I had a great time interviewing Huey of Sol Cultivations today. It was awesome to have a true Southern Oregon local and 3rd generation family farmer come in and chat about growing up in the Rogue Valley!
Check out SOL Cultivations online:
Autocorrect nightmare: Typo in Bill C-45 legalizes cannibalism instead of cannabis. OTTAWA – Canada is one step closer to the accidental legalization of cannibalismafter the House of Commons passed a typo-ridden Bill C-45, formerly known as The Cannabis Act.
Hey Oregon, here’s a questin for ya: Which is cheaper: Wal-Mart’s Weed Christmas Tree or Actual Weed??? A few months ago, Leafly contributor Chase Scheinbaum noticed that Walmart was offering a cannabis rosin press on its website for $299. So we ordered one and put it through its paces. The result? Not bad. Now it appears that the nation’s largest retailer is continuing its rollout of cannabis-themed products. For the holiday season, Walmart is selling “the original Weed Christmas Tree,” a seven-foot fake tree made up of cannabis leaves, for $249.
http://kdvr.com/2017/12/11/first-colorado-business-eyeing-pot-consumption-prepares-opening/In DENVER -- Another milestone is set for Colorado’s pioneering marijuana industry. The first business that could allow cannabis consumption is expected to open by the end of the year. The developers of The Coffee Joint plan to allow customers to enjoy pot while also drinking a cup of Joe. Denver voters approved the social marijuana use initiative that allows businesses to offer on-site pot consumption. City regulators still have to approve the license for The Coffee Joint, but the business’ owners are confident their application will be given the OK.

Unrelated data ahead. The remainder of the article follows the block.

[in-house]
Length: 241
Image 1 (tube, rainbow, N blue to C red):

MJ Freeway reveals theft of client data in 2016 cyberattack. MJ Freeway has notified its clients that some of their business information was stolen “on or about” Nov. 19, 2016.
A top Vermont lawmaker says the state could become the first in the U.S. to legalize marijuana through an act of lawmakers early next year. “It will be up for a vote in early January,” House Speaker Mitzi Johnson (D) said on Friday. “I expect that it likely will pass in early January.”
A California-based winery just announced the launch of a cannabis-infused wine. This is great news for wine and cannabis enthusiasts, as there’s no need to worry about mixing cannabis and drinking; this wine is also alcohol-free. The company that is offering this wine, Rebel Coast Winery, grows all of its grapes in Sonoma County, California, and uses a traditional winemaking process to produce the product. After making a classic wine, the company then removes the alcohol and add in 16 mg of organic THC to each bottle. Apparently, the fusion of the cannabis terpenes and classic wine flavor is what gives the drink its special taste and aroma.
Last week, U.S. Attorney General Jeff Sessions held a behind-closed-doors meeting about marijuana with anti-legalization activists. Now, thanks to the fact that Sessions inadvertently showed an agenda for the meeting to a TV camera that was in the room to capture introductions — along with some high-tech sleuthing — we know what the prohibitionists discussed in secret after reporters were kicked out. A Twitter user was able to enhance a screen capture of the document that Marijuana Moment posted.
http://nwnewsnetwork.org/post/illegal-marijuana-grows-continue-even-era-legalization (AUDIO in Link)
Following our story last week on Washington State’s legalization of home grows, this headline: Illegal Marijuana Grows Continue, Even in an Era of Legalization”
8 FACTORS CALIFORNIA CANNABIS BUSINESSES NEED TO KNOW ABOUT STATE LICENSING
Highlights include the fact that there are remaining concerns about a burdensome barrier to entry for small businesses. Cannabis industry members voiced concerns that the new licensing fees will create a barrier of entry that gives big business an advantage.
Sunny Jones, the cannabis policy coordinator for the Oregon Department of Agriculture, helps growers navigate the complex regulatory system for marijuana and hemp.
Proposed A. Street Pot Grow in Ashland faces New Scrutiny